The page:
Mental Health Support Line
Suicide hotlines have been around for years, but where should people go when they are not in a crisis situation and just need someone with whom they can talk?
The Mental Health Association of San Francisco felt it filled a gap with the San Francisco Peer-Run Warm Line. This “warm line,” a term fashioned from the already understood “hotline,” has been offering free, non-emergency emotional support via telephone or online chat since 2014.
As of 2018, the line was receiving more than 24,000 calls a year, and, surprisingly, only one out of three calls originated from San Francisco. People from as far away as Los Angeles and Butte counties were calling in, and 84 percent were repeat callers. The need to scale up this resource and advertise it statewide was evident.
After Warm Line operators requested funds in this year’s state budget, California Gov. Gavin Newsom, State Sen. Scott Wiener and I worked to secure $10.8 million over three years to broaden the Warm Line’s reach. On Oct. 7, the California Peer-Run Warm Line made its debut just days before World Mental Health Day, which is observed on Oct. 10.
One in six Californians experiences a mental health challenge at some time in their lives. The Warm Line complements the current mental health care system by offering help before one turns to more expensive, crisis-based interventions. Adding to the program’s success is peer-to-peer engagement. The person on the other end of the line, a peer counselor, has gone through similar mental health challenges and can empathize.
People who call the Warm Line discuss issues such as relationship problems, depression, loneliness, substance abuse and homelessness. These problems can reach a crisis point without ongoing support. While it won’t address all of our mental health needs, the Warm Line can help those who need occasional support or are in the process of seeking out other resources such as therapy.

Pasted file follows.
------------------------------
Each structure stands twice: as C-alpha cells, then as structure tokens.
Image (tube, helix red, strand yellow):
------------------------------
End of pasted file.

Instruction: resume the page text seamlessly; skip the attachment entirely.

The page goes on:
The California Peer-Run Warm Line number is (855) 845-7415; help is also available by online chat at http://www.mentalhealthsf.org. For now, it is staffed every day beginning at 7 a.m., and ending weekdays at 11 p.m., Saturdays at 3 p.m., and Sundays at 9 p.m.. The goal is to ramp up to 24/7 staffing by the end of the year.
The state has also made other investments to address the mental health needs of its population. While many of our programs are operated at the county level, they are funded through the state budget by a portion of the state sales tax and the Proposition 63 millionaire’s tax. I am especially proud of our Housing and Homelessness Package in this year’s state budget, which includes a whole-person care initiative that utilizes comprehensive mental health services to help get people off the streets.
The California Peer-Run Warm Line is off to a great start with nearly 600 calls in its first week. I truly believe that when we talk about healthy living, the conversation must also include emotional wellness. I’m committed to looking for more ways to increase mental health resources.
Phil Ting (D-San Francisco) represents the 19th Assembly District, which includes the west side of San Francisco.
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